In Chapter 2, the master plan sets up the regional context for the city, and in Chapter 3, the basic demographics of the plan. Chapter 4, “Delhi Urban Area” describes all the basic assumptions and policy frameworks for the redevelopment of the existing city and as such constitutes the heart of the plan. In the five chapters that follow, the policy of densification is worked out with regards to housing, commercial areas, industry, and government offices.

Having fore-grounded the spatial strategy because that is where its efforts are most centred — in the use and misuse of land — the DDA then includes one chapter each on the Environment, Conservation, Urban Design and three chapters on infrastructure (chapter 13, titled “Transportation” deals essentially with an infrastructural issue). In these six chapters, the utopia of a densified-thus-somehow-world-class Delhi comes badly undone, and all the neat calculations regarding “holding capacities” of existing areas and the “scope for redevelopment” that it somehow finds everywhere, are contradicted by the sheer scope of the infrastructural shortages and structural problems with the existing city, also of DDA’s creation.

If only DDA had known the wisdom of dealing first with the chronic problems of the city before they started projecting illusions of the future. If only they had given heritage and urban design the attention they deserve, rather than the decapitated two-page primer on ‘varieties’ of heritage and the five pages of tripe on the prettified ‘imageability’ of the city, the “provision of appropriate landscape along railway tracks” and the revitalization of the natural & built environment “to give an impression of global city” from the air. If the plan document creates the nagging suspicion that the city being planned is actually devoid of human beings, the chapter on Urban Design confirms its inhumanity with the bluntness of jargon: “A city is an assemblage of buildings and streets, system of communication and utilities, places of work, transportation, leisure and meeting places.”

Even the DDA seems to believe that nothing much can be achieved through the master planning exercise — apart from producing a seriously flawed legal document, that is — and this fact is trumpeted in chapter 19, titled Plan Review and Monitoring. The schizophrenic convolutions of the underlying logic and purpose of MPD 2021 are made disturbingly evident in this chapter, which begins by stating that ineffective implementation, changing socio-economic needs, unintended growth, “time lags between various implementation schemes and emerging needs of the people” and the “appropriateness of the plan policies,” are all issues that need attention. In all its esteemed wisdom, the DDA has not bothered to figure out whether these are issues that ought to have been addressed before the making of MPD 2021 or that can be left for the future. Either 200 very confused individuals have produced the plan or else they wish to thoroughly confuse the public. Neither of these is a happy prospect.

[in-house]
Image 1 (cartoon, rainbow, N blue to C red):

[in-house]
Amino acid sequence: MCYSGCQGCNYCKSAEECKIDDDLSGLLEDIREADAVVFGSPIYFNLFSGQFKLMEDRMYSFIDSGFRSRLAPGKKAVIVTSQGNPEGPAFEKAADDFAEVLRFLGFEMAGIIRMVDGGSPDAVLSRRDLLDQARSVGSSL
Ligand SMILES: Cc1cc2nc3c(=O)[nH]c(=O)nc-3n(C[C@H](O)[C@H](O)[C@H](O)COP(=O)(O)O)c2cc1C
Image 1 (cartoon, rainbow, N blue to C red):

Having stated time and again that the multiplicity of agencies in the city is a definite problem, the DDA nevertheless charts out a program for creating even more agencies to monitor the progress of the plan. Thus, it will set up eight ‘management action groups’ to collect data, and ten other groups to monitor the plan: one each for the Delhi Sub-Region Plan, Environment Planning and Coordination, Delhi Unified Metropolitan Transport, Infrastructure Development, Enforcement and Plan Monitoring, Spatial Data Infrastructure, Local Level Participatory Planning, Common Platform for Building Approvals, Slum Rehabilitation and Social Housing and Legal Framework Review.

Although DDA is able to make lists of what needs doing, it is unable to muster up the intellectual talents and capacities to do prospective planning. Creating a master plan for the future requires a grasp of the idea of the future and a deep understanding of the present. These are intellectual capacities that the DDA clearly does not have, which is why it habitually regresses into listing out what needs to be done, without making any attempt to do it. The so-called ‘plan for monitoring the plan’ is so convoluted in its logic that the planning process will forever be caught in the unfortunate paradox of the precedence of the chicken or the egg. The city of Delhi cannot be forced to suffer the consequences of DDA’s confabulations and blundering.

It must be advocated—if necessary, by legal intervention—that if the capital city of India is to have a master plan at all, it ought to be entrusted to an agency that has more intelligence, a better grip on reality, fewer tendencies towards corruption and an unquestionable commitment to the greater public good. The DDA meets none of these requirements. Now that the indiscriminate programme of land-acquisition, for which the DDA was primarily created, has been exhausted, it is time that the agency is also quietly put to rest. Let the master plan for Delhi be entrusted to more able hands.

The Writer is Director, Urban Futures Initiative